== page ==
By Dr Theron Hutton MD
Heart rate variability (HRV) refers to the fluctuation in the time interval between consecutive heartbeats. It is a measure of the autonomic nervous system (ANS) activity and reflects the balance between the sympathetic and parasympathetic branches of the ANS.
HRV has gained increasing attention in recent years due to its association with various physiological and psychological states. For instance, low HRV has been linked to a higher risk of cardiovascular disease, diabetes, and mortality (Thayer and Sternberg, 2006). On the other hand, higher HRV has been associated with better physical and mental health outcomes, including improved cognitive function, emotional regulation, and stress resilience (Porges, 1995).
HRV can be measured using various techniques, including electrocardiography (ECG), photoplethysmography (PPG), and respiratory sinus arrhythmia (RSA). The most common method is the analysis of the R-R interval in an ECG recording, which reflects the duration between consecutive R waves of the ECG trace (Task Force of the European Society of Cardiology and the North American Society of Pacing and Electrophysiology, 1996). Many modern wearable health trackers measure HRV.
There are several factors that can influence HRV, such as age, sex, physical activity, and stress (Thayer and Sternberg, 2006). HRV tends to decrease with age and is generally higher in women than in men (Thayer and Sternberg, 2006). Physical activity has been found to increase HRV, while stress has been shown to decrease HRV (Thayer and Sternberg, 2006).
HRV has also been shown to be influenced by various psychological and social factors. For example, positive emotions, such as joy and gratitude, have been found to increase HRV, while negative emotions, such as anger and anxiety, have been found to decrease HRV (Thayer and Sternberg, 2006). Social support has also been found to be positively associated with HRV (Thayer and Sternberg, 2006).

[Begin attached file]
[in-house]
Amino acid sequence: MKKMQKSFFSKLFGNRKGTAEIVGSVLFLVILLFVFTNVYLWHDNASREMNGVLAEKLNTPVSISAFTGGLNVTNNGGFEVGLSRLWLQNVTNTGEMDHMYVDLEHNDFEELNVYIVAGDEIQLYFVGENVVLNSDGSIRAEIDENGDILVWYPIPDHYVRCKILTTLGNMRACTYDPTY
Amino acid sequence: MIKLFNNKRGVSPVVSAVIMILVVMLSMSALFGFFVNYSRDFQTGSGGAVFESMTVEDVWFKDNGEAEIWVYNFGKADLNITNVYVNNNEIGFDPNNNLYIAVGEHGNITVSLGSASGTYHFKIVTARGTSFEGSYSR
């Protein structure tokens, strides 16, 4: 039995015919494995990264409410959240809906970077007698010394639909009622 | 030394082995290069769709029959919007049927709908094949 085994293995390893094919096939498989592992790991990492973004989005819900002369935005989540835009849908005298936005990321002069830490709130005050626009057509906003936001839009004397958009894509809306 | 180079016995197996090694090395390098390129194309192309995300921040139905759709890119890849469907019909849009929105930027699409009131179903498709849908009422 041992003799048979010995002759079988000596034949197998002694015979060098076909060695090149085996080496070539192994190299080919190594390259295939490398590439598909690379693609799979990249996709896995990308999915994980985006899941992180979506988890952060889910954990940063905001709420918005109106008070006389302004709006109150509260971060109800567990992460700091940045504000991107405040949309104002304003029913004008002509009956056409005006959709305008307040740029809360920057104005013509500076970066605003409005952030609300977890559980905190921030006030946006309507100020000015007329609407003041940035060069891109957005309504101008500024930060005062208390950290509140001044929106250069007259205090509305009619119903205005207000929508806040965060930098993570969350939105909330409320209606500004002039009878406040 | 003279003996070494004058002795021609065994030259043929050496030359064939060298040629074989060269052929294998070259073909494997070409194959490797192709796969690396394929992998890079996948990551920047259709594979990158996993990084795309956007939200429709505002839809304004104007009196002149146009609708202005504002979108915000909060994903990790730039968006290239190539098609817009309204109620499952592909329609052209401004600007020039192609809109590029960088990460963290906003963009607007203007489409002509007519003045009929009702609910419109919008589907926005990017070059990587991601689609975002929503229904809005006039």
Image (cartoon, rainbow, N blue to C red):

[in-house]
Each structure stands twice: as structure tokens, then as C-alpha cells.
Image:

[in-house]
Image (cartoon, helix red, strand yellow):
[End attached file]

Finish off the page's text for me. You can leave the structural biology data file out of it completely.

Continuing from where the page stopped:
In conclusion, HRV is a measure of ANS activity that reflects the balance between the sympathetic and parasympathetic branches. It has been linked to various physiological and psychological states and can be influenced by a range of factors, including age, sex, physical activity, stress, and social support. Further research is needed to fully understand the implications of HRV and its potential as a marker of health and well-being.
At Mulberry Clinics we often use HRV as a measure of the health of our patients. We consider it an important vital sign.
Porges, S. W. (1995). Cardiac vagal tone: A physiological index of stress. Neuropsychobiology, 32(2), 76-80.
Task Force of the European Society of Cardiology and the North American Society of Pacing and Electrophysiology. (1996). Heart rate variability: Standards of measurement, physiological interpretation, and clinical use. European Heart Journal, 17(3), 354-381.
Thayer, J. F., & Sternberg, E. M. (2006). Beyond heart rate variability: Vagal regulation of allostatic systems. Annals of the New York Academy of Sciences, 1096(1), 72-78.